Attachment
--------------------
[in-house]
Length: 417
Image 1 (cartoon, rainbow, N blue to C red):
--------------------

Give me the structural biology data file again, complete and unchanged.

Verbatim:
[in-house]
Length: 417
Image 1 (cartoon, rainbow, N blue to C red):